Friday I read Ellen Tebbits in the morning. It was fun and fast and just what I expected…but with a little more 50’s culture than I remember being in the Ramona series. Just gender things and working mom things and probably a few other things that I don’t remember now. It’s interesting to read a kids’ book for simple pleasure and also be reminded that it is also a cultural artifact.
Once I finished that one I moved on to The Radium Girls. James asked me how I liked it while I was reading it, and I said I don’t know if that’s the way I can describe this book or books like this–it’s not a necessarily pleasurable experience the way that “liking” something might connote. I appreciate the story, I very much value these girls, I think this story is important. I was of course rooting for them and sad with them and appalled with them and felt betrayed with them and anger for them and sad foreboding for them. I wildly admire their continued, united legal action in the face of a huge adversary and also in light of their culture’s view of women and so many other things. So many good things exist in our law today because of these girls. That said, the book was overwritten. The writing got in the way of the story at times, which was powerful enough on its own and didn’t need the extra cheap drama or sentimentalism. It was annoying but still not a deal-breaker, so there’s that.
And that’s all the reading I did during the actual readathon! I was glad I gave myself so many options–I never used to like to read multiple books at a time, but now I like the freedom. In the future I’d choose shorter books–all of the ones I read were pretty dense and not huge page-turners (except Ellen, of course), so that slowed me down some. I would have enjoyed finishing more books, just because I like to. And if I’m imposing a deadline, I like to feel like I’m making progress and accomplishing a lot and closing a book is an excellent feeling of accomplishment.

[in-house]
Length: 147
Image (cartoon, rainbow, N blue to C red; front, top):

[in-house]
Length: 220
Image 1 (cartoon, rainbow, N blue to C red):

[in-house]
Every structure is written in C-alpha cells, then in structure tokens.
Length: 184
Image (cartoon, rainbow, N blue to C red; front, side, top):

My bonus book was Martin Marten, which I read after the readathon period ended, but I just finished it so I’ll mention a few quick things while I’m talking books. READ THIS SLOWLY. I wanted to finish it before book club tonight, so I read right up until I had to leave for book club and I started it yesterday. This book is 300 pages, but you really cannot read it as quickly as I did and come out better than you would had you slowed down. It begs for savoring, for a slow devouring. It’s an interesting book in that it doesn’t have the typical central character or story line or much of a story arc to speak of–I’d say it’s more the story of a place–a mountain and a river valley–and the lives that are lived there. We follow quite a few characters throughout the book over the same period of time, but there are also lots of offshoot stories that fit in just because they were lives that lived in this place. As a writer, I found that interesting. At times it was a little too didactic for me, and I thought all of the characters were incarnations of Brian Doyle (who I love, so that’s nice, but it was a little overwhelming and didn’t ring true and complex enough for me), but I feel like I would have enjoyed all of that more had I given myself a long time to read this. Like, two months, maybe three. This is a book about a mountain that is like being in the mountains: slow, quiet, a smorgasbord of a zillion interesting sensory experiences and billions of interwoven lives and their stories–even when we’re not aware of them.